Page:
Hello and welcome to the 49th episode of the Blind Tiger Podcast recorded on February 27th, 2015. In this episode Mike, Jesse, and myself gathered in our studio to celebrate the obvious end to craft beer! Well, despite many a blog post to the contrary, craft beer is an ever-growing behemoth with no signs of diminishing in neither quality or quantity.
We also spend some time discussing how the band 311 is hoping on the craft beer bandwagon by getting their own beer. Not a beer brewed in their honor but their own beer. We discuss the death and rebirth of Stone Pale Ale and whether breweries should indulge in the habit of rehabbing their older staples with a new flavor for new beer trends.
And we torture Jesse with our favorite segment Slummin’ It.
And to add a little levity to national multiple personality day we start with the question: “If you could invest the next beer combination, like a Black & Tan, what would it be and why?”
- 311 Getting Their Own Craft Beer
- Stone Pale Ale is dead. Long Live Stone Pale Ale 2.0
Slummin’ It: Steel Reserve Edition
I don’t want to spoil this segment for you. Jesse’s “love” of this beer is priceless. If you want more information on Steel Reserve you can find it here.
Point/Counterpoint: Death of Craft Beer
Joe Keohane writing for Thrillist, the online magazine dedicated to all things food, drink, and travel related. They have been big with the craft beer revolution and are usually pretty supportive of the explosive growth of craft beer in America. Yet Mr. Keohane recently sparked the Internet aflame after an extremely controversial post entitled, “Craft beer s dead. Gose killed it.”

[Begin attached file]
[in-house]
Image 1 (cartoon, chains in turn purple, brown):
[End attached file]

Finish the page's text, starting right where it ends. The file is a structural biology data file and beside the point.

I have never begrudged anyone their beer taste. I don’t love the palate-scorching high-IBU IPAs, but I’ll drink them on occasion and I understand why hopheads love them; same with lambics. Not my thing, a little treacly, but I can see the appeal. But this is the first time I’ve been completely unconvinced by people’s enthusiasm for a kind of beer. And what the rise of Gose says, at least to me, is that the craft beer revolution has run out of ideas. We’re 20 or 25 years into the Golden Age of Beer. If Gose was that worthy of so much excitement and attention from America’s world-class brewers and drinkers, we simply would have gotten to it by now.
But it’s not, and we didn’t. And the reason we’re getting to it now has to do with the fanboy ethos that dominates the world of beer geeks. Like any area of obsessive enthusiasm, novelty becomes more and more tightly equated with value, prized above nearly everything else. The more mainstream types begin to take an interest in craft beer, the more the cognoscenti are forced to seek out weirder, more challenging, more distasteful fare to retain their credentials and slake their curiosity.
Beer vs Beer: Imperial Edition
Mike’s Choice: South County Black Cowgirl
Rob’s Choice: Southern Tier’s Imperial Choklat Stout